Tuesday, July 14, 2009

Two Words & Sixteen Years Later

As has been said in a myriad of circumstances, hindsight in 20/20. In listening this morning and afternoon to the Senate confirmation hearings of Judge Sonia Sotomayor, I have come to a better understanding of the frustrations and concerns that surfaced during the process of and following the confirmation of Justice Ruth Bader Ginsburg. Not being old enough to comprehend the historic magnitude and political implications of President Clinton's nomination of Ginsburg to the United States Supreme Court, it has taken sixteen years for the frustrations of many to become clear in regard to Ginsburg's stated positions on Roe v Wade and Planned Parenthood v Casey (she was, of course, nominated to the Court after Casey had been decided).

Sixteen years of our uncertainty as to where Justice Ginsburg, sitting through her own Senate confirmation hearing, stood on both a woman's right to choose and the fundamental right to privacy became crystal clear in the response of current Supreme Court nominee Sonia Sotomayor to the question of whether the decisions of prior Courts to uphold a woman's right to choose were appropriate or legitimate (the cases are not limited to Roe and Casey, but also include Griswold v Connecticut, Webster v Reproductive Health Services, Stenberg v Carhart and Gonzales v Carhart). Judge Sotomayor simply responded that these cases are "settled law." In two words Sotomayor was able to make blatantly obvious the vagueness the last female jurist nominated and confirmed to the Supreme Court left wide open when she joined the Court.

Now, the question will become whether the Senators voting to confirm Judge Sotomayor and the American people as a whole appreciate her brevity or if they will continue to surmise that she is for or against a woman's right to choose based on her background, experience or even gender. The question will also remain as to how Sotomayor will be perceived by the hard right, in general a group of Americans who, regardless of Sotomayor's honesty, will continue to oppose her on the basis that she is on the side of the law or for the sake of simplicity pro-choice. This is one of the issues in this country that is continuously blurred because Judge Sotomayor or any person in her position will be rejected or opposed because of anti-choice sentiment, yet on the other hand could be rejected on the basis of disrespect of the law had she said that no, she does not support or wish to uphold Roe. This conundrum being precisely why reproductive rights are a wedge issue in this country--one side views the finality of the issue as a person being on the side of the law or not while the other side views a person as being for or against life. We will never agree that there are no absolutes on this issue.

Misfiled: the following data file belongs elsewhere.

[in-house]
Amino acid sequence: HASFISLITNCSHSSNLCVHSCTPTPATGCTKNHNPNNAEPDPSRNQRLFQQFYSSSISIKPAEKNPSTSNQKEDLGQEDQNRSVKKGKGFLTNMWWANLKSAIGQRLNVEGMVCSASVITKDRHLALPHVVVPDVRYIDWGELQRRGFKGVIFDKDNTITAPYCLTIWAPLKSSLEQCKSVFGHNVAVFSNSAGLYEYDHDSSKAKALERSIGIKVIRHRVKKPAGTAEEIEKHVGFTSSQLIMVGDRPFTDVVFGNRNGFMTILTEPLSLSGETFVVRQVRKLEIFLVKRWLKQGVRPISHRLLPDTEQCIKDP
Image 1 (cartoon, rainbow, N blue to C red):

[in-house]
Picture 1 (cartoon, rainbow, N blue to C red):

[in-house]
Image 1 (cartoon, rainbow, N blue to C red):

Going back to Justice Ginsburg, I think it is appropriate to explain my opening comment about hindsight. We can assume now, some sixteen years after her confirmation, based on case law, her voting record, and her written opinions, that Ginsburg sides with the law and will continue to vote to uphold Roe v Wade. However, upon her confirmation, I am not entirely certain any American, politician or otherwise, aside from Ginsburg herself could have predicted how she would vote on any matter of reproductive health. Ginsburg had this to say about the right to privacy: